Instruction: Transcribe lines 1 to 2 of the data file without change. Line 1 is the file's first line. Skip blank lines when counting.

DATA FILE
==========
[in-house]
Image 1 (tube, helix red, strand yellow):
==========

[in-house]
Image 1 (tube, helix red, strand yellow):